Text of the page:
The Fellowship of the Ring, like The Hobbit, begins in innocence. Although the Shire, Gandalf, and Bilbo reappear, almost immediately the story changes direction. Bilbo, sixty years older, surrenders the ring of invisibility to his nephew Frodo and rejoins the elves. After an interval of some years, which Tolkien compresses, Gandalf returns to announce that Frodo holds the One Ring, forged by the magician Sauron, which both empowers its wearer and tempts the wearer to exercise that power selfishly. No one can wear it safely.

Frodo, like Bilbo apparently undistinguished, unimaginative, decent, fair, and quietly stubborn, is the audience’s vantage point for the story. Circumstances demand that he outgrow his hobbit isolationism, and indeed, offer himself without reserve or selfishness for a whole world that he does not know. His travels take him out of the Shire and into a land utterly threatening; he is betrayed by a companion, offers forgiveness and redemption to another who betrays him, and carries a burden no good person in the novel can endure. Throughout the novel, he battles the power of the ring itself, which tempts him to use it; he also carries the burden of knowing that his success will mean that the world will change, and some of its goodness, as well as much of its evil, will diminish. In Frodo, Tolkien explores the recurring theme of substitutionary love: Some must be willing to offer their lives that others might live. His quest reverses the movement of the earlier novel; the ring, once found, must now be destroyed in the place of its forging, deep within Sauron’s kingdom, Mordor.

Accompanied by several hobbits, Frodo leaves the Shire for Rivendell, acquiring along the way a human companion, the ranger Aragorn, known as Strider. Pursued, Frodo is wounded in battle before they arrive safely at Rivendell. A council representing all civilization—elves, dwarfs, humans, and hobbits—eventually agrees that the One Ring must be destroyed. That can happen only if it is returned to the place of its making, deep within Mordor. Representatives of the four kindreds agree to accompany Frodo on the journey.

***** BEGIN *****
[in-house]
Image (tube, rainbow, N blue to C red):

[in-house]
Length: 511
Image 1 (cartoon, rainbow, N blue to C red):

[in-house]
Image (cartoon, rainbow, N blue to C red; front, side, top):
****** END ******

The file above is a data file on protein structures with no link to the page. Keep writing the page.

A contrasting quest emerges when one of Frodo’s human companions, Aragorn, declares himself the heir of the throne of Minas Tirith, the city that has opposed Mordor for millennia. As Frodo is the naïve initiate, Aragorn is the experienced warrior assuming a heroic challenge of his own. In Aragorn, Tolkien awakens Frodo and the audience to that desire “to survey the depths of space and time,” for Aragorn represents a tradition and race coming from a forgotten age of the world, from the land of Numenor.

Before the first volume ends, Tolkien has succeeded in opening to Frodo and his hobbit companions an awareness of a larger world, both older and more varied than they have known. He has also suggested the capacity for growth and heroism in the unheroic, as Frodo has been wounded and has accepted the possibility of death in his willingness to take the ring to Mordor.

The Lord of the Rings is most often remembered for its scenes of adventure, particularly the heroic language of warriors confronting their foes. From the first volume onward, however, Tolkien establishes a rhythm of adventure and reflection that serves several purposes. His characters are not always journeying. In The Fellowship of the Ring, for example, Frodo and his companions are entertained both at Rivendell and at the secret retreat of the elves in Lothlorien. The...